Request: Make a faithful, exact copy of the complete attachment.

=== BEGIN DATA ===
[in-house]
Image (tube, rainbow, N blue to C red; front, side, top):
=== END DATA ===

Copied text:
[in-house]
Image (tube, rainbow, N blue to C red; front, side, top):